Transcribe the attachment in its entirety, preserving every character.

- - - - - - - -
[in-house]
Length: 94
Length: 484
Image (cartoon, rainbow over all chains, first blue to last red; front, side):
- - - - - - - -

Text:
[in-house]
Length: 94
Length: 484
Image (cartoon, rainbow over all chains, first blue to last red; front, side):